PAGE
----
ADA Compliance for Websites

Is your website accessible?  

Web accessibility simply means designing and developing a website or a software system so that everyone can access it.  People with special abilities or impairments should be able to browse your website. Special needs could include:

  • Visual impairments such as low vision, color blindness, partial or full blindness, etc.
  • Deftness, cerebral palsy, paralysis, etc.
  • Hearing disabilities 
  • Cognitive impairments such as serious head injuries, autism, etc.
  • Learning impairments such as dyslexia

Enabling web accessibility on your website means you comply with the regulations or standards mentioned in ADA laws

What are ADA laws?

ADA (Americans with Disabilities Act) is legislation that requires specific entities to make accommodations for people with disabilities so they can have the same opportunities as all other Americans.  

More specifically, the ADA government website says, “The Americans with Disabilities Act (ADA) was signed into law on July 26, 1990, by President George H.W. Bush. The ADA is one of America’s most comprehensive pieces of civil rights legislation that prohibits discrimination and guarantees that people with disabilities have the same opportunities as everyone else to participate in the mainstream of American life — to enjoy employment opportunities, to purchase goods and services, and to participate in State and local government programs and services. Modeled after the Civil Rights Act of 1964, which prohibits discrimination based on race, color, religion, sex, or national origin – and Section 504 of the Rehabilitation Act of 1973 — the ADA is an “equal opportunity” law for people with disabilities.”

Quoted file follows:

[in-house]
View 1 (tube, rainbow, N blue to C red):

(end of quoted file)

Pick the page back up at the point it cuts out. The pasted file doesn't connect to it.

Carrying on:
How can I make my website ADA compliant?

There are a few simple things you can do immediately to make it easier for individuals with disabilities to browse your site.

  • Create alt tags for all images, videos, and audio files. Alt tags allow users with disabilities to read or hear alternative descriptions of content they might not otherwise be able to view. Alt tags describe the object itself and, generally, the purpose it serves on the site.
  • Create text transcripts for video and audio content. Text transcripts help hearing-impaired users understand the content that would otherwise be inaccessible to them.
  • Create a consistent, organized layout. Menus, links, and buttons should be organized in such a way that they are delineated from one another, and are easily navigated throughout the entire site. 

There are also free and paid solutions to assist you in making sure your website is fully ADA compliant.




To find out more about ADA compliance, please visit the government compliance website at:

The information in this article is for education purposes only.  Always do due diligence with any legal matters including ADA compliance.  To find out more about ADA website compliance and how you can protect your business, consider consulting with a disability attorney.